Mercedes, Audi, BMW, Lexus, (even Land Rover). (Add Jeep, the Citroen ‘DS’ sub-brand, now Infiniti as well).
        It is hard to find any ‘full range’ premium brand that is not now competing in this sector in the European marketplace. It is impossible to find a CUV in this class that is not stupidly compromised by the mismatch between what it really is and what it is trying to be.

        But we buy them in their hundreds of thousands.

        (end rant)

        • Maymar

          I think we have both continents to blame – North America suffers from the perception that you don’t buy hatchbacks unless you’re a poor person (which is bad, I guess?), or unless it’s lifted, covered in cladding, and has AWD (even better if it’s got fake leather and a premium badge).

        • Sjalabais

          In Norway, if the Golf was a car brand, it would be #4. At the same time, that’s such an anonymous vehicle, I hardly notice them on the road. Pretty happy for variety otherwise, even though that must always include some variety that is not for me. My Honda Stream is essentially a Civic seven seater. Who knew there was a “need” for it?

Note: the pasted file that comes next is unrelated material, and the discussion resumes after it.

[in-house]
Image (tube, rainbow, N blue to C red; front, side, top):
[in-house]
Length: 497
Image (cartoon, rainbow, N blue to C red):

• Alff

    Attention automakers: Your products are boring. That is all.

  • dukeisduke

    The taillights with the black between them kinda remind me of the FD RX-7. Who thought this Mercedes-Benz/Infiniti hookup thing was a good idea? I’m not buying into it.

  • Rover 1

    To their credit, Mercedes Benz did try to make a small spacious car with the W168 & W169 A-Classes which have an impressive amount of space inside but didn’t sell as well as BMW’s Mini which is cramped. So they decided rear seat space and practicality didn’t sell but that lowness and ‘sportiness’ did. If more space is wanted, there is the B-Class. Is that sold in the US?

    • There was electric version and I think has just been killed. I haven’t seen a single one. They might be in Canada.

      • dukeisduke

        There is a B250e that I see on the road occasionally, on my way home from work. I had to look it up on MBUSA’s site, because I had no idea what it was.